In a Bluetooth low energy connection, there is a central player and a peripheral player. The central generally receives services from the peripheral and performs actions based on the received information. In our case, we chose to make the iPhone the central device and the HM-10 module the peripheral, as this allowed us to minimize the complexity of the iOS code.

Before we incorporated the HM-10 into the project, we had to change some its default settings using the AT commands described below. Notable changes from the default settings are as follows: we decided to have it advertise every second to save power, we turned on notifications in order to use it with the iOS application, and we turned on battery monitoring to make it more user-friendly. The commands are entered via the serial terminal, and these settings only have to be configured once.

  • AT+ADV8 - advertises every second

  • AT+ADTY0 - advertising & scan response & connectable

  • AT+ANCS1 - notifications

  • AT+BATC1 - battery monitoring is on

  • When the app is first opened, it must connect to the HM-10 module. The connection is shown by the screens below. The app was designed to support the three modes of operation: Preset, Custom, and Draw. The home screen of the app allows the user to navigate to one of three modes, as shown in the images below.

    Loading Screen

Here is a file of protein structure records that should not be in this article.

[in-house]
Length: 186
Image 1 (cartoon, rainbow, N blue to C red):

Loading Screen

    Main Screen

    Main Screen

    In Preset, mode, the user has the option of four preset massages. The options are Full Back, Upper Back, Lower Back, and Spine. As the user scrolls through the options, a visual is displayed showing which vibration motors correspond to each setting. Once the user has made her choice, she can press the Start massage button. Each preset massage corresponds to a pattern saved on the PIC32. The massage pattern continues until the user chooses to stop the massage by pressing the Stop massage button on the app. The app’s behavior for Preset mode can be seen below.

    Preset Full Back

    Full Back

    Preset Upper Back

    Upper Back

    Preset Spine


    In Custom mode, the user has more flexibility to customize her massage experience. The user specifies which region(s) to turn on by tapping the region. The strength of the region is also chosen based on the number of taps on the region, rotating through three strength options before the region turns off again. Once the user has made her initial choices, she can start the massage. The user can update her preferences for any of the regions during the massage, by simply tapping on the region to be changed. When the user wants to stop the massage, she can press the Stop button as before. The app’s behavior for the Custom mode is shown in the images below.

    Custom Start

    Custom Start Massage

    Main Screen

    Custom Stop Massage

    In Draw mode, the user has the opportunity to draw a pattern for the massage to play. The user specifies the vibration motors she wants on, and the vibration motors turn on for one second each in the order the user requests. Once the pattern is complete, the user can enter a new pattern to play. The pattern can also be reset as the user is entering it by shaking the iPhone. As in the other designs, the user can stop the massage at any point during the massage by pressing the Stop button. The Draw mode is demonstrated in the figures below.


    Draw Mode